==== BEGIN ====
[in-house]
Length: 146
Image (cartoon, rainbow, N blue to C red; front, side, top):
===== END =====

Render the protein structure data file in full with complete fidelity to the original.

[in-house]
Length: 146
Image (cartoon, rainbow, N blue to C red; front, side, top):